Relief. It’s the feeling that embraces me, comforts me, as I ascend the hill, pass through the gates. People whom I very much respect remain here. People who I suspect, despite my idiosyncrasies and my flamboyant flashes of weirdness, respect me too. People who have always embraced the overeager, odd child, and who I think always will.
Embraces at airports now, rather than train stations. In Finland, it was always train stations. Now we’re meeting in the U.S. It has been four years, almost. Four years out of how long? Ten or so years, much of it spent across the world. But we watched each other develop through nerdom, music festivals, midsummers, stumbling down streets, stumbling through relationships, and settling.
I shove aside the ocean that normally separates us. I inwardly rebel at the circumstances of borders. But the if onlys do remain. If only distance was less.
I was excited for months and months about Elina visiting. She would be with me for two whole weeks! Of course I would show her around my current part of the U.S. And of course I would show her Kenyon. It seemed only natural to show someone who has grown up in conjunction with me one of the places where I did a lot of growing. I wanted to take some of the important, understanding people in my life and say, “see? Here is one of you.”
Indeed, hanging out with my professors, Elina alongside me, felt perfectly natural, for these people long knew who I may become. Conversations were slipped into like there was no gap of time.
And yet. I was four years out. I don’t belong in this space anymore. I can visit, but I can’t live. Something is ajar. This is a place of the past, mostly inhabited by strangers. It is deceptively familiar, but my world there is gone. The people are forever for me, wherever they are now, here or elsewhere, but the place is not.
It is nice to visit old places. To tramp these grounds, to see certain patches where the fabric of my life shifted into something new, unbeknownst at the time, but utterly proven by now. At this picnic table a shadow was left on my mind. It was on this tire swing that I spun around, my younger self hurled and tossed like I was nothing. This patch of grass held me as I was told I was fine, don’t worry. On this bench my life as it is now began to delicately take shape. But it is the people who truly remain, who stretch past space. They’re what is still with me, by my side, somewhere.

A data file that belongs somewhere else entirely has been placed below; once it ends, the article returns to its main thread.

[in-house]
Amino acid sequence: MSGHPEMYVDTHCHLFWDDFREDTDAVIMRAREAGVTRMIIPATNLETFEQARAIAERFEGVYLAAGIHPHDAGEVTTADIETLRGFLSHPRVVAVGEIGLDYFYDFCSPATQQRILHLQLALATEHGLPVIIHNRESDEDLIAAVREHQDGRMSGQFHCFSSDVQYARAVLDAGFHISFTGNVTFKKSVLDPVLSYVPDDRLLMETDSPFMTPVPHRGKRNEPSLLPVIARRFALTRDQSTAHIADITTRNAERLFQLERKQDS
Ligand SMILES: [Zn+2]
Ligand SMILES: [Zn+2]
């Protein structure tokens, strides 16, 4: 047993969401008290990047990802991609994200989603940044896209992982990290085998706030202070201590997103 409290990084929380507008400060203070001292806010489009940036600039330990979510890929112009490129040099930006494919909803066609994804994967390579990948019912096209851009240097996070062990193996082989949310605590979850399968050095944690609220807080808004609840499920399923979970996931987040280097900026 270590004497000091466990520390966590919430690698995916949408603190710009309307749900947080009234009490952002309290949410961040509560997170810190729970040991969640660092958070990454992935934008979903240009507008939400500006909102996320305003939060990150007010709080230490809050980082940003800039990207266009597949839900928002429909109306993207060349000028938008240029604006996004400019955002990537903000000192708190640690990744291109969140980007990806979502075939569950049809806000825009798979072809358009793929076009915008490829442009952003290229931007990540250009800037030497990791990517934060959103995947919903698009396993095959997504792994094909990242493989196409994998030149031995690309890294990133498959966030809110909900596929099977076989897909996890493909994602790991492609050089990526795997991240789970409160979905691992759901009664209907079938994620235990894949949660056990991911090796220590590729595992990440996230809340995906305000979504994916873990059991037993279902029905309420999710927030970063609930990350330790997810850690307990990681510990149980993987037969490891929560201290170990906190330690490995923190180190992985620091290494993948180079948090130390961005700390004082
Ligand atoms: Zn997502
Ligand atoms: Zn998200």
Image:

So, I’ve learned: it’s not a place, as wondrous and beautiful as it can be, that is important. It’s always the people. Places alone don’t teach you anything. They leave imprints, but not knowledge. People teach. People support.
I crossed half of a goal off my year’s list. Finland is the other possible half. But, it’s not just Finland itself. It’s Finland and the people there. It’s what I can further experience there, not what I have already done. Move forward.
Friends, mentors, until again. You carry me and push me forward still, irrespective of place, or space.
Total aside: Follow my blog with Bloglovin – if you use it, this blog can now be followed there too.